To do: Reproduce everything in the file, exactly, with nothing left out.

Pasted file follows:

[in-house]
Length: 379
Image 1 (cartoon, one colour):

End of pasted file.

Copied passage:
[in-house]
Length: 379
Image 1 (cartoon, one colour):